Was Bob Lefsetz being a straight-up sexist ass.
Because the songs you played? Rocked the fuck out.
The readings you did from your book? Were intimate and funny and moving.
But when Bob Lefsetz took over the stage – and I do mean “took over” – it was like watching your friend get punched in the face over and over again and being powerless to stop it.
Amanda, he ran over you so many times I lost count. Interrupted your answers with his own stories and anecdotes. Ran on about his blog, hated on his haters (it was like watching the Bizarro Amanda Palmer, repeatedly calling one of his critics “a motherfucking asshole” – or maybe it was “asshole motherfucker” – I wouldn’t want to misquote). He monopolized the quasi-conversation. Your book “doula” (and fabulous magician!), Jamy Ian Swiss, was given inexcusably short shrift because of Lefsetz’s continual self-righteous monologue – admitting no credit to dissent – about the music industry: in particular, his views on the recent Spotify dust-up featuring Taylor Swift – who is, to quote his recent blog, a “greedy, thoughtless person who’s only about the bucks.”*
You held your own there, insisting – as you do in your book – that artists should be able to choose however they distribute their music. And in my seat I was all, “Rah, Amanda! Stick up for women! Stick up for artists!”
But then he just got worse.
He asked you deeply personal questions you did not want to answer – questions I will not repeat here – questions that I have been asked and have not wanted to answer, most certainly not in front of hundreds of people. You, yourself, said something to the effect of, “Oh, I don’t really wanna go there” – yet still he pushed and pushed until it felt – at least to me – like you had no choice but to answer, or else betray your reputation for sharing your life with your audience. He didn’t seem to get what most people intrinsically know: that no matter how open you are about your life, some shit is personal, dude. It’s private. Lay off.
Walking back to the car, my fiancé (who only now, after three years of intense AFP-proselytizing, is beginning to get why I’m into your work), surprised me by saying, “You know, Amanda Palmer is so talented, and I really liked the parts of her book she read – but that Lefsetz guy, all that negativity, it fucked the whole night up.”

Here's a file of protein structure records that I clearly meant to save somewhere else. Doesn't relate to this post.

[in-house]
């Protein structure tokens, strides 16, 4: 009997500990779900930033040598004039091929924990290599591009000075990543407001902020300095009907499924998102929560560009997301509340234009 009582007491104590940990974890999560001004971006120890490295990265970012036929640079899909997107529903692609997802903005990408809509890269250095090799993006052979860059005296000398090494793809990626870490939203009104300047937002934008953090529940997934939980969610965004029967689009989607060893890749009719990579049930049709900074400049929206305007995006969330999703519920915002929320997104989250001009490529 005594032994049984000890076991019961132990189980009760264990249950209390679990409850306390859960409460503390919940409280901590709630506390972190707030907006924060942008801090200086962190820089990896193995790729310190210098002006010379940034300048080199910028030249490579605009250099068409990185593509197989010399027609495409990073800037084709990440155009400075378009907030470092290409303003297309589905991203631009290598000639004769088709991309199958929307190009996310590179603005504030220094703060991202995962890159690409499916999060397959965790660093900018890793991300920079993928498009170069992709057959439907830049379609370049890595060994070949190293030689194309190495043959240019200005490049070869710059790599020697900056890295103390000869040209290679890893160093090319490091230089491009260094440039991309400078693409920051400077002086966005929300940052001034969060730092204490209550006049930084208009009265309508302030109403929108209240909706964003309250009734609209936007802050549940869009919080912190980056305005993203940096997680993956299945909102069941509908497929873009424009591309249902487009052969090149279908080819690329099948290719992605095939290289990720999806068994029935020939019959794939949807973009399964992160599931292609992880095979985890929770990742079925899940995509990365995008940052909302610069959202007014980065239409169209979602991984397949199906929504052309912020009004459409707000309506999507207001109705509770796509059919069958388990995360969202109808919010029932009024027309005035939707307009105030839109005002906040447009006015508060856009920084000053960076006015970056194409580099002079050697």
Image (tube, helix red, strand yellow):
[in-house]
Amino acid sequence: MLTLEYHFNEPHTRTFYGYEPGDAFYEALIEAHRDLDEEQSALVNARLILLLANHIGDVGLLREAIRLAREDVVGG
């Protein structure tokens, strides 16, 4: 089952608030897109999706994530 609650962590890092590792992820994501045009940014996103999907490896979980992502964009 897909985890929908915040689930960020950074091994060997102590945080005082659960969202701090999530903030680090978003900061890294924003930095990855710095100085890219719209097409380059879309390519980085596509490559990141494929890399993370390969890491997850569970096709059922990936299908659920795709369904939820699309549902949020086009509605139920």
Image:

And that’s why I’m angry. Okay, that’s, like, 99% of why I’m angry.
The other 1%…
I’m angry with you, Amanda.
You’re one of my feminist icons. Sometimes when shit gets real, or when I take artistic risks, I make myself brave by thinking, “If Amanda Palmer was doing this, she would be brave. She might be scared, like I am, but then she’d be brave and do it anyway.” Then I get brave and do it anyway.
So why did you let him run over you? Why did you let him interrupt you time and again? Why did you let him push you and make you uncomfortable without saying “no”? Why did you let him talk and talk and talk when it was your night? Your book? Your tour? When the fuck did I buy tickets for the Bob Lefsetz Show and where can I return them?
I don’t know. Maybe this is victim-blaming, only I can’t see it because “victim” is the last word I’d ever use to describe you. Maybe I just needed to write all this down to sort it out in my head. Because what I’d been looking forward to for weeks was listening to you. And instead I got Bob “Ass” Lefsetz. For hours.
If you ever do come to L.A. again – though after last night I won’t hold my breath – will you please come alone? Or maybe bring Whitney, or Jamy, or Anthony, or Kambriel, or Neil, or a band, or some dancing monkeys or corporate CPAs who do mime – whatever – just bring someone who won’t figuratively punch you in the face?
Because I’m still working on my compassion, and next time I can’t guarantee I won’t punch back.
*Anyone who’d like to read Lefsetz’s bona fides when it comes to female musicians (apart from Joni Mitchell, who I’m convinced he thinks is the Second Coming), can Google his thoughts on Beyoncé, Feist, Adele, Grace Potter, and – while I’m at it – this charm of a quote about the fans at a One Direction concert:
“Students. Girls. Wanna get laid? Go to a 1D show. You won’t see odds this good at the prison of ‘Orange Is The New Black’. An endless sea of barely pubescent girls…”
That oughtta give you a starting point.